Reflections for

Sixth Sunday of Easter, May 26, 2019

Acts 16:9-15; Psalm 67; Revelation 21:10, 22-22:5; John 14:23-29 or John 5:1-9



(John 5:1–9)

These waters, I must trouble for myself,
in an age of the absence of angels, as I plunge,
first of the day to break the lambent surface of the pool,
and commence my daily reaching after miracles,
swimming laps at almost eighty-one.
The miracle I seek these recent years has been defined,
and then refined, by that old friendly temporizer, “yet”;
no longer seeking not-to-die-at-all, just not-to-die-quite-yet,
to win a couple bonus years, in which to pen another poem
or two, to pile a few more chosen words onto this heap
I have—for Oh so long—been working on.
Any healing that might come will clearly have to be
short term. Until, that is, I reach the final turn,
take up my beggar’s bed, and walk.


Praise the one that breaks the darkness

Revelation 21:9–23

I praise the necklace so long
it drapes, loops, and circles
the neck of a grieving dowager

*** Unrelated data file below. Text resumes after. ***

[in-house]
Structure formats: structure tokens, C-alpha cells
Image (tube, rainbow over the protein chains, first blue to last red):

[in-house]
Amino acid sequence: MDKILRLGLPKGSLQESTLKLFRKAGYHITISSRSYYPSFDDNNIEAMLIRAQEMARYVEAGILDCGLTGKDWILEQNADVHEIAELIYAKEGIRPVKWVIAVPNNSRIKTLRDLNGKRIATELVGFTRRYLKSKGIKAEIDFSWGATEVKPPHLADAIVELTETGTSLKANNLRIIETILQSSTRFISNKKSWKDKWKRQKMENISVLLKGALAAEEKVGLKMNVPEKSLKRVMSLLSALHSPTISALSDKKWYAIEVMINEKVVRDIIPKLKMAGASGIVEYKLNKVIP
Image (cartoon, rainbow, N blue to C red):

back to her girlhood play.

Yet, I praise the darkening
urine of amber beads and the fears
engendered by bloodstone;

I praise red coral—millions of gifts
piled by sea creatures’ lives.
the hard western sky, I praise
grimy hands, fashioning turquoise
squash blossoms for the necks
of tourists.
             I praise the poor woman’s
subterfuge, Zircon, and the queen’s
throngs of golden chains.

I praise Nancy Pelosi’s pearls,

the sound-taste of chrysoprase,
citrine’s juiciness, opal’s sparks,
amethyst’s rumored temperance.

I praise the jeweler’s loupe,
peeking down from its glass copula
into jasper’s chocolate smear
purloined from Heaven’s walls.


In the beginning

Everything in the world begins with a yes.
Clarice Lispecter

For Bishop Tom

In the beginning there is only Yes,
infinitesimal, infinite, invisible
seed sprouting in the swirling dark,
the slow integration, expanding,
extending, the sudden explosion
into light—baby, blossom, universe,
all beginnings are the same—and Yes
to a world begun before words where
nothing separates this from that, and
Yes to the senses alive before language,
bird song, leaf shadow, skin touching
skin, and Yes to Tom whose injured
brain erases speaking, reading, names,
but through hands cupped upon bent
heads, his unimpeded heart pours forth
with nothing to restrict the flow of Yes
in beginning and Yes in the end.

This is an updated version of the poem that appears in the print edition.


Revised Common Lectionary © 1992 the Consultation on Common Texts. Used by permission.